Brain fever, Continued fever, etc. See under Brain, Continued, etc.Fever and ague, a form of fever recurring in paroxysms which are preceded by chills. It is of malarial origin.Fever blister (Med.), a blister or vesicle often found about the mouth in febrile states; a variety of herpes.Fever bush(Bot.), the wild allspice or spice bush. See Spicewood.Fever powder. Same as Jame's powder.Fever root(Bot.), an American herb of the genus Triosteum (T. perfoliatum); — called also feverwort amd horse gentian.Fever sore, a carious ulcer or necrosis. Miner.

(Feu"da*to*ry) n.; pl. Feudatories A tenant or vassal who held his lands of a superior on condition of feudal service; the tenant of a feud or fief.

The grantee . . . was styled the feudatory or vassal.

[He] had for feudatories great princes.
J. H. Newman.

(Feu"da*to*ry), a. Held from another on some conditional tenure; as, a feudatory title. Bacon.

Feu de joie
(||Feu` de joie") [F., lit., fire of joy.] A fire kindled in a public place in token of joy; a bonfire; a firing of guns in token of joy.

(Feud"ist) n. [Cf. F. feudiste.] A writer on feuds; a person versed in feudal law. Spelman.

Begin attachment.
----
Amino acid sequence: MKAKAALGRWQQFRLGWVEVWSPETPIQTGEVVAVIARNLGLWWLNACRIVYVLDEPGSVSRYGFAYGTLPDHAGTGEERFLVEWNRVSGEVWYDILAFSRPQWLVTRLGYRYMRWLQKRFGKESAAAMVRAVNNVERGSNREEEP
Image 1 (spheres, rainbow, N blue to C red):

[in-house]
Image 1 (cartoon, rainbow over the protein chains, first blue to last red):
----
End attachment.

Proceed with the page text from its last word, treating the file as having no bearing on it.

(||Feu`illants") n. pl. A reformed branch of the Bernardines, founded in 1577 at Feuillans, near Toulouse, in France.

(Feuille"mort`) a. [F. feuille morte a dead leaf.] Having the color of a faded leaf. Locke.

(||Feu`ille*ton") n. [F., from feulle leaf.] A part of a French newspaper (usually the bottom of the page), devoted to light literature, criticism, etc.; also, the article or tale itself, thus printed.

(Feuill"ton*ist) n. [F. feuilletoniste.] A writer of feuilletons. F. Harrison.

(feu"ter) v. t. [OE. feutre rest for a lance, OF. feutre, fautre, feltre, felt, cushion, rest for a lance, fr. LL. filtrum, feltrum; of German origin, and akin to E. felt. See Felt, and cf. Filter.] To set close; to fix in rest, as a spear. Spenser.

(Feu"ter*er) n. [Either fr. G. fütterer feeder, or corrupted fr. OF. vautrier, vaultrier; fr. vaultre, viautre, a kind of hound, fr. L. vertragus, vertraga, a greyhound. The last is of Celtic origin.] A dog keeper. [Obs.] Massinger.

(Fe"ver) n. [OE. fever, fefer, AS. fefer, fefor, L. febris: cf. F. fièvre. Cf. Febrile.]

1. (Med.) A diseased state of the system, marked by increased heat, acceleration of the pulse, and a general derangement of the functions, including usually, thirst and loss of appetite. Many diseases, of which fever is the most prominent symptom, are denominated fevers; as, typhoid fever; yellow fever.

Remitting fevers subside or abate at intervals; intermitting fevers intermit or entirely cease at intervals; continued or continual fevers neither remit nor intermit.

2. Excessive excitement of the passions in consequence of strong emotion; a condition of great excitement; as, this quarrel has set my blood in a fever.

An envious fever
Of pale and bloodless emulation.

After life's fitful fever he sleeps well.

  By PanEris using Melati.

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